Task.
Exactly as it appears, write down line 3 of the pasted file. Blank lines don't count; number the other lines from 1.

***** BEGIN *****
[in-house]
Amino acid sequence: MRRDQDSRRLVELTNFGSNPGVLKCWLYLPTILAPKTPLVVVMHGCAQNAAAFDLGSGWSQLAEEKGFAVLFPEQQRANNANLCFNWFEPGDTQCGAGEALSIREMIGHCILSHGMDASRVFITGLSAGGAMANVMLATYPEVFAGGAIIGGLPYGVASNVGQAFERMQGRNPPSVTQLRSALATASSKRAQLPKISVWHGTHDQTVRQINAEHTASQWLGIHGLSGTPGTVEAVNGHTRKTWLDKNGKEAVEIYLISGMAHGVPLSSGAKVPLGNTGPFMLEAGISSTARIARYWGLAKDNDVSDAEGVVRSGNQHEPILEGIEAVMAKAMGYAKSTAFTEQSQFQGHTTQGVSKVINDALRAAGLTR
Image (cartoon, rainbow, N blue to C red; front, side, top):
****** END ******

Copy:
Image (cartoon, rainbow, N blue to C red; front, side, top):